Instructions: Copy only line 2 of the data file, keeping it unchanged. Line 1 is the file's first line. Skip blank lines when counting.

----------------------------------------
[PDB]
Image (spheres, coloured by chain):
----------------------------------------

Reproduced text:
Image (spheres, coloured by chain):